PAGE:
2. ^ Scharchburg, Richard P. "Charles F. Kettering : Doing the right thing at the right time". Archived from the original on 2008-05-22. Retrieved 2008-05-13. His book of patents contains more than 300 separate applications. For the list of patents issued to Kettering, see, Leslie, Stuart W., Charles F. Kettering, 1876-1958 (Doctoral dissertation, University of Delaware, 1980, available at Archived 2012-04-25 at the Wayback Machine) (appendix VII, United States Patents Issued to Charles F. Kettering)
  3. ^ Google Patents US Patent #1150523, filed June 15, 1911
  4. ^ "The Man Who Poisoned Us All". 25 March 2011.
  5. ^ Method and Means for Using Low Compression Fuels US Patent #1635216, filed Jan 3, 1924
  6. ^ a b Cornelisse (2002)
  7. ^ Bernstein (1996), p. 85
  8. ^ Leslie (1983), p. 10
  9. ^ Bernstein (1996), p. 87
  10. ^ Leslie (1983), p. 45
  11. ^ Leslie (1983), p. 110
  12. ^ Leslie (1983), pp. 39–42
  13. ^ Bernstein (1996), p. 19
  14. ^ Leland & Millbrook (1996)
  15. ^ Bernstein (1996), p. 121
  16. ^ Bernstein (1996), p. 120
  17. ^ DeWar Trophy[permanent dead link] retrieved June 30, 2007
  18. ^ "Engineers Club of Dayton - Ohio History Central". Retrieved 2017-12-11.
  19. ^ a b Sloan (1990), pp. 71–94
  20. ^ a b "Fuels and Society: Charles Kettering, Thomas Midgley and Tetraethyllead". Kennesaw University. Archived from the original on 6 February 2012. Retrieved 2014-05-25.
  21. ^ a b Kovarik (2006)
  22. ^ Dauvergne (2008), p. 70
  23. ^ a b Brock, David C.; Gallwas, Gerald E. (22 January 2003). Max D. Liston, Transcript of an Interview Conducted by David C. Brock and Gerald E. Gallwas in Irvine, California and Fullerton, California on 19 February 2002 and 22 January 2003 (PDF). Philadelphia, PA: Chemical Heritage Foundation.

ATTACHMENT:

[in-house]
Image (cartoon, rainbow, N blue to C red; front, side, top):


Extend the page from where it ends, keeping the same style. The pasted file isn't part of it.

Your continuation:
24. ^ Boyd (2002), p. 54
  25. ^ "Biography of Charles F., Eugene, and Virginia Kettering". OhioLINK. Retrieved 6 January 2015.
  26. ^ Boyd (1957), p. 91
  27. ^[permanent dead link]
  28. ^ Kovarik, William (2005). "Ethyl-leaded Gasoline: How a Classic Occupational Disease Became an International Public Health Disaster". International Journal of Occupational and Environmental Health. 11 (4): 384–397. doi:10.1179/oeh.2005.11.4.384. PMID 16350473. S2CID 44633845.
  29. ^ Inventors accessed December 21, 2007
  30. ^ "Our GMI Heritage". Website. Archived from the original on May 11, 2008. Retrieved 2008-05-13. On January 1, 1998, GMI changed its name to honor the man who not only helped found this institution, but also had a strong influence in the concept of professional cooperative education -- Charles "Boss" Kettering.
  31. ^ "Kettering Hall of Science · Oberlin College Archives". 2017. Retrieved 2 May 2017.
  32. ^ "Antioch's Biological Sciences and Henry Federighi, pp. 2-3" (PDF). Dr. Bernard Guyer. Retrieved December 22, 2020.
  33. ^ "Master planning a carbon-neutral Antioch College". MacLachlan Cornelius & Filoni Inc. Retrieved December 29, 2020.
  34. ^ "WYSO, college are reunited". Megan Bachman, Yellow Springs News, December 20, 2012. 20 December 2012. Retrieved January 19, 2021.
  35. ^ Boyd, Thomas Alvin. Charles F. Kettering: A Biography. BeardBooks. p. 212.


External linksEdit